When speaking to HR Magazine, Jennifer Locklear, chief people officer at ConnectWise, said: “In spite of the unpredictable employment market, there still exists a skills gap in certain roles, technology and cybersecurity, to name a couple.”

By taking on apprentices who are eager to learn and gain new skills, and who can be trained up for a specific role, you can help your organisation close the skills gap and move forward.

Apprentices can also offer a fresh perspective and new ideas as a result of their age, which your organisation can use to succeed against others.


Build a loyal workforce

A majority of apprentices are young school or college leavers, who want to grow within an organisation and climb the career ladder. As a result, taking on apprentices means your organisation can benefit from a dedicated, loyal workforce of employees who want to stay at the company and progress.

For HR, this means you must provide opportunities for career progression for all staff including apprentices. Without these opportunities for progression, apprentices may be likely to leave.

Career progression for apprentices also means your HR team can save on hiring costs – apprentices can be recruited into new positions, saving you from having to recruit externally.


How can HR take on more apprentices?

In order to experience the benefits of taking on apprentices, HR teams first need to invest in apprenticeships and early careers programmes.

Williams says: “At Ciphr, we invest heavily in our early careers programmes and have a fantastic track record for high levels of lateral moves and internal promotions. Apprentices are at the core of these programmes and generally experience rapid career progression at their start of their Ciphr journey.”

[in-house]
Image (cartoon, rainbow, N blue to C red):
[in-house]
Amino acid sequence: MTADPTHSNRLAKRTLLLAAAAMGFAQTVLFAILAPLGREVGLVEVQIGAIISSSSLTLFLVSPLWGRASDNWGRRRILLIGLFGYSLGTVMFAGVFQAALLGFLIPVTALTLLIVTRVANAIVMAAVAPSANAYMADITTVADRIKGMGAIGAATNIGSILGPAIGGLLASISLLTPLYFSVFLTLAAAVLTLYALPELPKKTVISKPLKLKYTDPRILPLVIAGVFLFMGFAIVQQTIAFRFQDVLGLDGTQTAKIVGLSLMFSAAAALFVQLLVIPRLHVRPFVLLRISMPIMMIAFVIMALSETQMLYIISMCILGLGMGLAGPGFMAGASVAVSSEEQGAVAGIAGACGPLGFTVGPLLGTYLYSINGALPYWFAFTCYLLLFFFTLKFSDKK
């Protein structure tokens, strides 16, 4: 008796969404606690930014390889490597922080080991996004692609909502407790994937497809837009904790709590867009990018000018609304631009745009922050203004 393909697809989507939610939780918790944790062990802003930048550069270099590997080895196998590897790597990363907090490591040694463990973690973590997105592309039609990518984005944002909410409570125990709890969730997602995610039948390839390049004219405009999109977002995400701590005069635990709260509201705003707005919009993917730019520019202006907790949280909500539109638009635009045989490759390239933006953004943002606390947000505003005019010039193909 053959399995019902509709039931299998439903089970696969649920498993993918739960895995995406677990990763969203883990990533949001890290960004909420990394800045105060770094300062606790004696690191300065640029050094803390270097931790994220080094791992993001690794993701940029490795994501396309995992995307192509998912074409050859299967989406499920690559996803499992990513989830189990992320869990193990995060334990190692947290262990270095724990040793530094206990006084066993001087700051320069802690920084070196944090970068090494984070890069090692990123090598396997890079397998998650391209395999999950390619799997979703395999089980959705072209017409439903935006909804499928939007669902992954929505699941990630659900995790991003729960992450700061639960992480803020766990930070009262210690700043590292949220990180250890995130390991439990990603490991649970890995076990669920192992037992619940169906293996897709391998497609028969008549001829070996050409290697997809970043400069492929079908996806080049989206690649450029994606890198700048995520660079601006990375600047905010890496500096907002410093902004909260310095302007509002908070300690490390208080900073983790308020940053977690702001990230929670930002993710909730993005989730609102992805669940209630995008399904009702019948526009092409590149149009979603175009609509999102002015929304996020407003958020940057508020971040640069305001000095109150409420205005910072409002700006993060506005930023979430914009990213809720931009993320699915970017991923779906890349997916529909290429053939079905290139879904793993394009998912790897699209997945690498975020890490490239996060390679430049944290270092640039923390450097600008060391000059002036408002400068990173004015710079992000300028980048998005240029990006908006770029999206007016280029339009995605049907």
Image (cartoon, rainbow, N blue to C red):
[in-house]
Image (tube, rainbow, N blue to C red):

By investing in apprenticeships, organisations can receive value back through an engaged, motivated, and productive workforce.

However, when investing in apprenticeships, HR teams must make sure that equal opportunities are available to young people from all types of backgrounds.

BAME apprentices in the 16- to 18-year-old group made up just 7.8% of new apprentice starts in 2018/19, down from 8.6% the year before, and of all apprenticeship starts in 2019/20, only 13.3% were BAME.

HR teams must ensure that apprenticeship opportunities are available to everyone – by posting about apprenticeship opportunities on social media channels, you are more likely to reach a diverse group of young people who are keen to work for your organisation.

If you want both your apprentices and employers to experience the full benefits of apprenticeships, you must also make sure the apprenticeships you’re providing are adequate enough to satisfy everyone taking part.

In its annual report for 2019-20, Ofsted called apprenticeships the “weakest” area of the UK’s further education provision, with one in 10 providers being judged as ‘inadequate’ as a result of “weak leadership and a lack of co-development of the curriculum with employers”.

Your HR team must therefore work closely with apprenticeship providers to ensure that your organisation satisfies apprentices’ needs and to make sure that apprentices are learning and thriving at your organisation.